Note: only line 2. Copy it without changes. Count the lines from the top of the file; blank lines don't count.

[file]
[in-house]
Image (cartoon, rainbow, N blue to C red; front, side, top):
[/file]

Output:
Image (cartoon, rainbow, N blue to C red; front, side, top):